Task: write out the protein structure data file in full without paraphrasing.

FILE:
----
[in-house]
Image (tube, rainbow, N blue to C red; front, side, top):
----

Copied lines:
[in-house]
Image (tube, rainbow, N blue to C red; front, side, top):